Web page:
Music review: All the Hills and Vales Along, Greyfriars Kirk, Edinburgh

Not only a showcase for international talent, the festival is a reminder of the vast amount of home-grown talent on our door-step and this year’s focus across the range of James MacMillan’s superlative output for large forces has yielded exceptional treasure.

All the Hills and Vales Along, Greyfriars Kirk

All the Hills and Vales Along, Greyfriars Kirk, Edinburgh * * * * *

The unusual line-up for his oratorio All the Hills and Vales Along, a setting of five poems by Charles Hamilton Sorley, killed in the First World War, featured the National Youth Choir of Scotland, Whitburn Band, Quatuor Mona and tenor Gwilym Bowen.

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In the opening movement loud, furious battle sounds unleashed by the brass instruments and drums set the scene. In Rooks and A hundred thousand million mites we go, Bowen articulated Sorley’s brutally honest account of war with heart-felt passion together with plangent strings while thudding drums and high-pitched violins underscored the choir’s When you see millions of the mouthless dead. All the forces were expertly deployed by conductor Christopher Bell in the poignant apocalyptic finale To Germany with faint ethereal vocal humming evoking the souls of the dead.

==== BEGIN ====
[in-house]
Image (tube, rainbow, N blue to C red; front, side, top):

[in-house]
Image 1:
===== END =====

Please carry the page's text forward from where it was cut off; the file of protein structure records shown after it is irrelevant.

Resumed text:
The young voices in Bell’s well-drilled choir produced a similar halo of effects to frame soloists Lorna Murray, Kirsty Stirling and Lewis Gilchrist in this highly accomplished and moving account of The Culham Motets.